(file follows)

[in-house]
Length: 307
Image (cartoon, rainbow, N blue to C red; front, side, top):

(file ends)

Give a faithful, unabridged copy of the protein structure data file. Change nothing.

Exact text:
[in-house]
Length: 307
Image (cartoon, rainbow, N blue to C red; front, side, top):